It’s one of those stories that just doesn’t work in the daytime, because it’s at night that our thinking changes. That’s where black holes come in and where it absorbs everything, even light itself. Our thinking patterns become unhinged from our everyday norms, we seem to be less tied in the present, but more connected to a sort of collective subconscious as it was theorized at the turn of the twentieth century by psychoanalysts.
The kind of story that Mack Daniels usually told well after midnight, or on the n-th time that certain things were discussed, was the story of what he believed was the motive for the military still being in control of Antaris. Over the years he had become more and more convinced that there’s a conspiracy going on: it is believed that the military is building a drone army in a facility on the nearby planet called Lithios. 
This planet is named after the element that can be harvested in abundance: lithium. This metal is used to build batteries and shielding of droids. Materials used to build the electronics and other parts are also harvested on that planet. The drone plant on Lithios doesn’t limit itself to droids, but it also builds space-ships that carry weapons of mass destruction. The conspiracy hangs on this thin thread that the military is just waiting for the right opportunity to engage in their imperialist conquest.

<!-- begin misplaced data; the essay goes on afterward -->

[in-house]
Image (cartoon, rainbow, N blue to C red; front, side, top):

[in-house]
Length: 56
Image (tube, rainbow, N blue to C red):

Whyis usually the first question that people ask when Mack Daniels talks about the theory.
Motive, opportunity and means,” Mack Daniels usually responds, cooly, “To get bigger and more powerful.”
I used to say: why not?” Mack Daniels says, and then he usually pauses mysteriously, “But I have come to believe that it’s inevitable, because we simply need sense and purpose in our lives. And I believe this is it in this day and age. Just imagine the opportunity: we conquer some alien worlds, give it a few decades and then we turn that conquest into an alliance where this historical move of ours will always give us the upper hand.”
No peace treaties?”
Nature doesn’t work like that. It’s more primitive and more raw. It has more to do with overpowering,” Mack Daniels says, “Then later on those treaties will follow.”
How do you know all this?”
By looking at the past and the fact that we haven’t changed all that much.”